Band Postal Card for New Brochure
which tails why
BLATX BER R1CHT
TONIC FOR THE WEAK
All Druggist or Direct
VAX. BUTZ MtWLNG CO . Mllwaukt
lata DuTt TmX-
of receivership and foreclosure In throe
month v with great financial Improvement;
Chicago k. Southwestern. Mhlch had
been la a chronic statu of lmnernnloelt7
for rear, haa ktes bought br a strong
cotnpany and placed under a receiver for
the purpose of atralghtenlng out the title,
ond the three oiher little roada In the Hat
liad never been successful. The record of
mileage and obligation la at follows:
ROADS r LACED UNDER RECEIVERS
S. T. ft Pennsylvania 62
Chloe 8. E UT
Carolina Northern 40
Georgetown St Western 60
Kansas & Southern.... (
Total five ronds 278 11 femono Li At nnn
Total bonds and stocks 5,835,000
- e.t:maiea. t Autnorlze1.
The capital stock of the Chlcneo ft Routh-
eftHtern Is placed at the amount authorised
to nn is.iued. no further Information being
obtainable; but a murh smaller Azure than
I2.5 0.eOi) would better, represent the value
and thus materially reduce the total In that
Only twenty-two roads, aggregating
1,270 miles out of the 204,000 miles of rail
way In-the United States, are now being
operated by recelvera on account of failure
to meet their obligations.
The record of foreclosure sales alao shows
rapid progress toward complete reconstruc
tion and solvency. In 1902 there were
sold, and reorganized eighteen roada, aggre
gating 693 mllea and representing a nom
inal capitalization of nearly $40,000,000.
Prosrress of Reorganisation.
How rapidly the coatly work of reorgan
ization haa gone forward la ahown by a
recapitulation of annual foreclosures, be
ginning with 1878. The summary shows tne
number of roads to be 670, total mileage
Involved, 115,107, and the amount of money
In stocks and bonds, $6,795,047,000.
The record of thr year In car and loco
motive building Is nearly equal to that of
last year, when all previous records were
surpesd. The necessities of the rail
roads are more clearly indicated by the
order which have been placed for new
equipment than by the number of cara and
locomotives actually built during the year,
since the latter figures are merely a state
ment of the capacity of the various build
1 The Railway Age haa compiled from lta
weekly records a statement showing that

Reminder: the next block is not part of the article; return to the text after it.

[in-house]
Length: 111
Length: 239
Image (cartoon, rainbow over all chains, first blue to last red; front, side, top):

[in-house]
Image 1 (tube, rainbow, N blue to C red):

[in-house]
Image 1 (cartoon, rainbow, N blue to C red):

during the year 1902 order have been
placed for the building of 186.000 freight
cara, 4,700 locomotives and 2,700 passenger
equipment cars of the various classes, In
cluding baggage, mall and express. The
figures have been corrected and additions
made by officials of the road concerned
and by the manufacturers, and are pre
sented In detail. A corresponding record
published by the Railway Age on January
8, 1902, showed totals of 193,00? freight
cara, 4,340 locomotives snd 2,879 passenger
May Yet tt saita.
All who have severe lung trouble need
Dr. King's New Discovery for Consumption.
It cure or no pay. COc, $1.00. For sale by
Kuhn ft Co.
WATER INVADESTHE HOUSES
Many Families Rescued from Par
tially Subnterared Houses in
White Rlrer Valley.
SEATTLE, Wash., Jan. 4. White river
overflowed It bank near O'Drlen station,
fourteen miles below Seattle at 8 o'clock
this morning. The people of the town were
awakened by the water In many cases
creeping Into their beds.
A relief train wss ordered from Seattle
and on arriving with boats the rescuing
party found several families, the women
and children of which were huddled on
chairs and tables In order to keep from
the water that was more than two feet
deep on the floors. All persons were taken
to places of safety. No lives are reported
loat, but much property haa been ruined
Tonight the floods are subsiding and no
further danger Is feared.
Not since 1869 haa there been such floods
In the White river valley. The present one
waa caused by the recent nine days' rain
and the chlnook winds which melted the
heavy snow In the Caacades.
Announcement was made today by the
Oreat Northern that the Madison bridge
would bs repaired Monday evening and the
first break In the traffic blockade would be
made during the night by the arrival of an
overland train. It will carry four days'
There Is no telling when the Northern
Pacific main line will be open, but prob
ably not for several days. Tonight the
Portland division was cleared and the first
train in two days came in from the south.
All the coast lines from Seattle north, with
the exception of the Whatcom line, have
been cleared and this latter will not be
in operation until some time tomorrow.
Large forces of men are at work on the
Una between Seattle and Tacoma. The
announcement 1 made tonight that it will
be opened at noon In a temporary way.
The Seattle-Tacoma interurban line prob
ably will not be In operation for several
week so great is the damage.
J. H. Holt, a ranchman from Miles City,
Mont., is at the Paxton.
ffeorge Uofrart, a banker from Shenan
doeh. Is at the Paxton hotel.
Mrs. H. Sues Arts and A. Arta of The
Hague, Holland, are at the Her Grand.
W. A. Follett and wife of Atlantic, la.,
are spending a day or two at the Millard.
John P. lileeg of St. Louis Is among the
late arrivals for the Implement dealers'
P. A. Sarg and W. H. Dechant of Mld
dleton, O.. prominent In the tobacco world,
are registered at the Millard.
E. T. McCarthy of Camhria. Wyo.. who
haa enticed the smile of fortune from out
a Deadwood mine. Is at the Millard.
P. A. Sorg of Middleton. O.. Interested In
the Millard hotel, and W. L Deekanty of
the same town are at the Millard.
Messrs. James. M. F. and V. Dumnnd
are a trio of vaudeville artists with this
week's Orpheum show who are at the Mil
W. A. Irwin of Red Oak, la., and M. J.
Powera of Beatrice Neb., are merchants
atopplng at the Murray while In Omaha on
John 8. Hogan. Pender; Leo Tobln. North
Platte: A. C. C'roe. Shenandoah: S Hur
ls and H. L. Webster, Tekamnh, are among